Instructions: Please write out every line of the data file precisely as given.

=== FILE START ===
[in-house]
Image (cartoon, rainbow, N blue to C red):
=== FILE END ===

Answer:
[in-house]
Image (cartoon, rainbow, N blue to C red):